'...this is the first time that anyone has drawn attention to the extent to which 'phono-semantic matching' applies in word formation...a most important contribution to the study of Israeli Hebrew word formation in particular and of language change in general.'
Shmuel Bolozky, Professor of Hebrew, University of Massachusetts 'This book will interest not only researchers and graduate students in the topic but also Hebraists. Moreover, any layman who loves words will find it absorbing and entertaining... it is both scholarly and original [and] an outstanding contribution to the science of etymology.'
Professor Geoffrey Lewis, St Antony's College, Oxford '..fascinating and multifaceted... a paean to linguistic creativity. It is especially timely in the present historical context of rapid globalization and linguistic inter-influence.'
Professor James A. Matisoff, Department of Linguistics, University of California, Berkeley 'The volume is extremely impressive. Zuckermann demonstrates a mastery of European and Hebrew lexicography... In addition to developing a rigorous analytical framework, he offers many detailed word (and compound) histories and carves out a well-defined position on issues of much significance.'
Professor Jeffrey Heath, University of Michigan
Israeli Hebrew is a spoken language, 'reinvented' over the last century. It has responded to the new social and technological demands of globalization with a vigorously developing multisourced lexicon, enriched by foreign language contact. In this detailed and rigorous study, the author provides a principled classification of neologisms, their semantic fields and the roles of source languages, along with a sociolinguistic study of the attitudes of 'purists' and ordinary native speakers in the tension between linguistic creativity and the preservation of a distinct language identity.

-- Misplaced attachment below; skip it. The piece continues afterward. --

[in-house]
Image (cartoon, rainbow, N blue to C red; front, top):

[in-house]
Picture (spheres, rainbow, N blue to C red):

New Perspectives on Lexical Enrichment
The Case of Israeli: Multisourced Neologization (MSN) as an Ideal Technique for Lexical Enrichment
Addition of Sememe Versus Introduction of Lexeme
MSN in Various Terminological Areas
Sociolinguistic Analysis: Attitudes Towards MSN in 'Reinvented Languages'
The Source Languages
Conclusions and Theoretical Implications
Appendix: Transcription, Transliteration and Translation